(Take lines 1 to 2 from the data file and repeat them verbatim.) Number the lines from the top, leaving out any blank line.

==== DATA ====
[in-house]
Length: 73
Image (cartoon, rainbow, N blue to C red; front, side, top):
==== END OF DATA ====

[in-house]
Length: 73